1st Edition

The Dynamics of Cities Ecological Determinism, Dualism and Chaos

By Dimitrios Dendrinos Copyright 1992
    416 Pages
    by Routledge

    414 Pages
    by Routledge

    Dimitrios Dendrinos, an expert in the application of non-linear dynamics and chaos theory to the subject of urban and regional dynamics, focuses here on fundamental issues in population growth and decline. He approaches the topic of urban growth and decline within a global system perspective, viewing the rise and fall of cities, industries and nations as the result of global interdependencies which lead to unstable dynamics and widespread dualisms. Professor Dendrinos provides valuable insights into the evolution of human settlements and considers the possible futures open to the giant cities of the world.

    Summary Introduction Some Central Issues Structure of the Book A Note on Social Science Theories, Data and their Markets Notes of Introduction Part A. Global Interdependencies Introduction Macrodynamics of the World's Largest Urban Areas: Order in Chaos Interactions and Interdependencies Conclusions Part B. Nations, Cities, Industries and their Connections Introduction Instability from International Exchanges Two National Economies; their Internal Growth and Foreign Trade Unstable Urban Macrodynamics Currencies and Dualisms Anatomy and Evolution of Some Very Large Urban Economies Macrodynamics, Stability, Cycles and Relative Dynamics The Mathematical Formulation of Relative Macrodynamics Conclusions Part C. The Dynamic Code of a Global Urban Hierarchy Introduction Hyper-concentrations, Hypo-concentrations, and agglomeration gradients Aggregate Development Code, Relative Parity, and the Empirical Evidence The Urban Sector of the World's Four Largest Nations A Phase Portrait of Global Hierarchical Dynamics? Conclusions Epilogue Some Future Scenarios Observers of and Participants in Social Dynamics Appendix A: Toward an Ecological Determinism Appendix B: A Brief Review of Major Theories of Development Appendix C: Data and Sources References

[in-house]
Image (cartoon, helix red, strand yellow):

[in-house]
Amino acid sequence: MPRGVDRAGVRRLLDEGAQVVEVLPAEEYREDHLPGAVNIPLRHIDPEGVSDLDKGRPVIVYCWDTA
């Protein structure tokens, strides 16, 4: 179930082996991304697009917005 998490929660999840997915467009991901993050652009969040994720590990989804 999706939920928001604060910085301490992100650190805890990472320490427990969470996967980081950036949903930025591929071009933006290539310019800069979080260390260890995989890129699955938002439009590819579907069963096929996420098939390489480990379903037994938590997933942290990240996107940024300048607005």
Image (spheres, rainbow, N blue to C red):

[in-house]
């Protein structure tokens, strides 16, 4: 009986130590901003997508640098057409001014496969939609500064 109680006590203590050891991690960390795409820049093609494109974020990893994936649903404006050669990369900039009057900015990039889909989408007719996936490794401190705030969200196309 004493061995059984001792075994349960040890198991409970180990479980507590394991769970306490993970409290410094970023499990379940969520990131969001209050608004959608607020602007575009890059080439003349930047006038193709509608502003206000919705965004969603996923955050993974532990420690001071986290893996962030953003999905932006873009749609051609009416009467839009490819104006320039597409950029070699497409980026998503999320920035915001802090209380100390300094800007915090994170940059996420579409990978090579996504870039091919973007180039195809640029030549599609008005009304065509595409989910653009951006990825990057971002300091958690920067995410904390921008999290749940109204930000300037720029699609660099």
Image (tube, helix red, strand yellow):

Dimitrios Dendrinos

    `... it contains a wealth of messages ... a very rich source of information for geography and economics alike.' - Tijdschrift voor Economie en Social Geographie